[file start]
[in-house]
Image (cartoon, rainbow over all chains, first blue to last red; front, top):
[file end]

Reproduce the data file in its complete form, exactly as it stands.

[in-house]
Image (cartoon, rainbow over all chains, first blue to last red; front, top):